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Activity

Bee pheromone molecules

Summary: 
Students smell bottles containing bee pheromone (signalling) molecules. They smell like bananas, lemon, blue cheese, fruit or nothing to us. Students match the molecule pictures to discover what each smell means to a bee.
Science content (2016 curriculum): 
Biology: Features, Adaptations of Living Things (K, 1, 3, 7)
Biology: Sensing, Organ Systems (4, 5, 6)
Chemistry: Atoms, Molecules (3-7)
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Lessons activity is in: 
Materials: 
  • 4 Squeeze Smell Bottles/50ml tubes with tissue stuffed in the bottom, containing the different smells:
  • few drops lemon essence, containing the molecule citral
  • gorgonzola or other stinky cheese wrapped in tissue, containing the molecule 2-heptanone (heptan-2-one)
  • few drops banana essence, containing the molecule isoamyl acetate (isopentyl acetate)
  • (one bottle is empty)
Procedure: 

Bees can talk to each other with smelly molecules, called pheromones.

Students squeeze and sniff each of the bottles. Ask them what the smell makes them think of. (Likely lemon, banana, cheese and nothing.)

When a bee smells these same molecules it thinks of something quite different. Students match the molecule labels on each bottle with the molecules on the sheet to find out what each of these molecules means to a bee:
This might smell like bananas to you (banana smell), but to a bee it means war. This molecule signals bees to attack an intruder.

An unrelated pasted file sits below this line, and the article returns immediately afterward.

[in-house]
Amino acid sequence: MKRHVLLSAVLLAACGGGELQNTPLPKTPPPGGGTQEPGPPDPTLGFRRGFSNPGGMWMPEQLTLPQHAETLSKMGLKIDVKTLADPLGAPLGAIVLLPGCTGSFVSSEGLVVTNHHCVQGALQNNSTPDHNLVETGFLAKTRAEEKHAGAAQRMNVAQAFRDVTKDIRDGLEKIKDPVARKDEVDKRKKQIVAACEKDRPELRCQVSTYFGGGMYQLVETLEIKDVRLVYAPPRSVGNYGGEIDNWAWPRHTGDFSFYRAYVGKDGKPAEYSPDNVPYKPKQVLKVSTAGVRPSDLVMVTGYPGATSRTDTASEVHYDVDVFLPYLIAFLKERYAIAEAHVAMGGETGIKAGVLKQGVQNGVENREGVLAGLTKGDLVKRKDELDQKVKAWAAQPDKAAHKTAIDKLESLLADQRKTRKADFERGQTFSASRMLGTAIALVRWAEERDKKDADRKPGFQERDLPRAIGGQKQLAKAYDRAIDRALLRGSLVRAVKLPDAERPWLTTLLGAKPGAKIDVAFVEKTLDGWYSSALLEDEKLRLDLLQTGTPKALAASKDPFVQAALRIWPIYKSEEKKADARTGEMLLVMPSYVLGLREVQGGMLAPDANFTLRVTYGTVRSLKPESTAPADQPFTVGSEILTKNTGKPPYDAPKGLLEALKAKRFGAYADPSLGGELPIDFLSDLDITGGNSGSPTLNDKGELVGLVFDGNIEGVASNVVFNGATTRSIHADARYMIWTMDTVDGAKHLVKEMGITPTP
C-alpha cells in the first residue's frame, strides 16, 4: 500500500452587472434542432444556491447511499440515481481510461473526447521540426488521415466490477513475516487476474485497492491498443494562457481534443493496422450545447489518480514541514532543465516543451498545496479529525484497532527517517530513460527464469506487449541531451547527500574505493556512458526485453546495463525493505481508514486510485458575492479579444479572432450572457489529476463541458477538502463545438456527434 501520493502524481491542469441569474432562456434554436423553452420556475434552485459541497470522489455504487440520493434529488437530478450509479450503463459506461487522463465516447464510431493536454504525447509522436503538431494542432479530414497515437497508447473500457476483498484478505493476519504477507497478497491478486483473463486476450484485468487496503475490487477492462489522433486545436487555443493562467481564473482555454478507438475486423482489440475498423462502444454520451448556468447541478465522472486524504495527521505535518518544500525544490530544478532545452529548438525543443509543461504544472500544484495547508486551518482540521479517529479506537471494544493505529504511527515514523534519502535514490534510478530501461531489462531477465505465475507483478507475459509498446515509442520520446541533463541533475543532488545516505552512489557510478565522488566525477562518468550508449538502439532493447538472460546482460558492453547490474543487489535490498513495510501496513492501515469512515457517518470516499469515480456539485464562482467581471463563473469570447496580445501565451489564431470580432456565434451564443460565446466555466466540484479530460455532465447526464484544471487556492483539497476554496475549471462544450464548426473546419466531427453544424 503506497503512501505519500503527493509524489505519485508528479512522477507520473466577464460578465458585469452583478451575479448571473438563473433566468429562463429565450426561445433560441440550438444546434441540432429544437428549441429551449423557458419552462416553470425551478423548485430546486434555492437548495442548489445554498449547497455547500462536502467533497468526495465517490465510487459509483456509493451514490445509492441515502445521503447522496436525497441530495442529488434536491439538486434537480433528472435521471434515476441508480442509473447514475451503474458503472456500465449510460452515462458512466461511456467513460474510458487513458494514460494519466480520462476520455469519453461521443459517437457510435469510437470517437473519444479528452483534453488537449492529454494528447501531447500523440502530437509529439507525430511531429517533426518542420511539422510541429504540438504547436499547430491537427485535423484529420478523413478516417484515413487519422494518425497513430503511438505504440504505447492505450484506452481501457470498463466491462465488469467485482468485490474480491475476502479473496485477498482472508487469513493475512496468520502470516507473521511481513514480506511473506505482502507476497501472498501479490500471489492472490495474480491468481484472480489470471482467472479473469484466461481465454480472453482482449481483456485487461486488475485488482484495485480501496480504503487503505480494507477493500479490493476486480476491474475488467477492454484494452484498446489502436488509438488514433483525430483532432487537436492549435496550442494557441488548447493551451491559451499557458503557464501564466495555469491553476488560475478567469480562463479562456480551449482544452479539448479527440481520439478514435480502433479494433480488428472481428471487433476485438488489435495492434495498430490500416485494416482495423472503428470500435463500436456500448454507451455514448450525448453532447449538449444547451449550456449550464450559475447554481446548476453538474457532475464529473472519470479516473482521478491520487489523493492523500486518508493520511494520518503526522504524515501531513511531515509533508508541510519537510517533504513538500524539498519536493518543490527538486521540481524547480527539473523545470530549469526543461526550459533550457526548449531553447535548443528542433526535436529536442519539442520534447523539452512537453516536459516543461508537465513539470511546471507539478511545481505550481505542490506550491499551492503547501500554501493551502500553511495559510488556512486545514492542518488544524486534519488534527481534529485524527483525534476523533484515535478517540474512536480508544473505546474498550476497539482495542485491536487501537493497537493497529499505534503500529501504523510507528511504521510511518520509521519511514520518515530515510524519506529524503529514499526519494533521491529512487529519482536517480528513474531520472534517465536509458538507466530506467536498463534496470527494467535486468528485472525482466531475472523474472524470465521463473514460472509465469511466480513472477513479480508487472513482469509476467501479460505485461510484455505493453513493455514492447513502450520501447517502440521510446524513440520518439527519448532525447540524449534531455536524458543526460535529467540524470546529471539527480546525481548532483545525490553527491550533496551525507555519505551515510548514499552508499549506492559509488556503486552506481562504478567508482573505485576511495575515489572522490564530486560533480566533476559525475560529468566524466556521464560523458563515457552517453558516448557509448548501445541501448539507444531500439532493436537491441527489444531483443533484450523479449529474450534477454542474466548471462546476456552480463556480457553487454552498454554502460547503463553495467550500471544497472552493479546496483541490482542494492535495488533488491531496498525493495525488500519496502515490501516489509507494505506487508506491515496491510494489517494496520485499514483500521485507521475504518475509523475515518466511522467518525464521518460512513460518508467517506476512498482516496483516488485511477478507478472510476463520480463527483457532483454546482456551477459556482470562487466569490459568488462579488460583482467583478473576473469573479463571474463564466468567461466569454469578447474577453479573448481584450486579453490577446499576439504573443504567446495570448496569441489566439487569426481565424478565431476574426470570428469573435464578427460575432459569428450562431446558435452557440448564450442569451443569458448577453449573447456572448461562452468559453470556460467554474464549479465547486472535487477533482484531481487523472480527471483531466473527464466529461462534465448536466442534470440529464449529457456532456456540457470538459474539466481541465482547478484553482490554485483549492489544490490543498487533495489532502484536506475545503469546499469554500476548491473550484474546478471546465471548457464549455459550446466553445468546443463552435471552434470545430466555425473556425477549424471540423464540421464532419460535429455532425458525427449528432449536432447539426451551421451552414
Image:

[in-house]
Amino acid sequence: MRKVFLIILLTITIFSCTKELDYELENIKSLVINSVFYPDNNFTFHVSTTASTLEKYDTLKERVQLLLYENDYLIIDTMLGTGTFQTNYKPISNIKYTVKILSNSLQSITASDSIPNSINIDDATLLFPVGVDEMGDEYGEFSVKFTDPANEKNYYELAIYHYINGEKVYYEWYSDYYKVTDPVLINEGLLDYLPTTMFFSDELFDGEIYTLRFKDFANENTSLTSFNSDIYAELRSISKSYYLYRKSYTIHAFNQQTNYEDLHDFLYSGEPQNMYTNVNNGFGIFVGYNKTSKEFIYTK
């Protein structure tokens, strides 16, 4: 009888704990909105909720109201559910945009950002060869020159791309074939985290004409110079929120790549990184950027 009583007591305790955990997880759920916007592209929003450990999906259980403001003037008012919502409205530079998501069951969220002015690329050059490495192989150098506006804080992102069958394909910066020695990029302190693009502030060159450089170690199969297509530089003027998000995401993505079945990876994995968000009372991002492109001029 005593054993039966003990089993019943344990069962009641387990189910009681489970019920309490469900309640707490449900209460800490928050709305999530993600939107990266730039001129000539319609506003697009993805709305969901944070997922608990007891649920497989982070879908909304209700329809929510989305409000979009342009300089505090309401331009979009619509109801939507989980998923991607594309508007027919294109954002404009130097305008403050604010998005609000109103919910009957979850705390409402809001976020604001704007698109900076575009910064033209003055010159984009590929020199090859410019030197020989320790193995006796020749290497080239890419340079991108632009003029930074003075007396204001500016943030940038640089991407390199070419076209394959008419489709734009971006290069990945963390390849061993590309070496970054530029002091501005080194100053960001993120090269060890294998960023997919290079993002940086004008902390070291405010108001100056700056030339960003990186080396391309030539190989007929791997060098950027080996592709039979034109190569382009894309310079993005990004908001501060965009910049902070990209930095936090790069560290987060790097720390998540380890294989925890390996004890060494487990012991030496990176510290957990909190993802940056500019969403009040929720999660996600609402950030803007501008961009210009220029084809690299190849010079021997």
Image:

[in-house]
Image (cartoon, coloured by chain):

This molecule says it's moving day to a bee (lemon smell). Bees smelling this molecule swarm and move to a new hive
Feel alarmed when you smell this? A bee would (cheesy smell). Guard bees release this molecule to call for help when there is an intruder.
Although we humans can't smell this molecule (oxodecanoic acid, so use empty bottle), it is a perfume for bees. Queen bees release this molecule to attract males.

It may seem strange that other animals communicate with smell molecules. We mostly use our other senses to communicate.
Many creatures communicate with smell molecules.Dogs use smell molecules to mark territories. Ants leave pheromone molecules for each other to show the way to food.

Attached documents: 
Notes: 

Tyee grade 7s did this as a group activity.

Grades taught: 
Gr K
Gr 1
Gr 2
Gr 3
Gr 4
Gr 5
Gr 6
Gr 7
Teacher: 
Ingrid
Scott Malin
Self guided
Teaching site: 
New York Hall of Science
After School Program at Elementary schools in New York City
Tyee Elementary
Activity originally developed and delivered: 

New York Hall of Science. Image created at New York Hall of Science.